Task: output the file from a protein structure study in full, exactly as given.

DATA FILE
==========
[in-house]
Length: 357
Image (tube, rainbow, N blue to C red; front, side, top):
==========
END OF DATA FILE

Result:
[in-house]
Length: 357
Image (tube, rainbow, N blue to C red; front, side, top):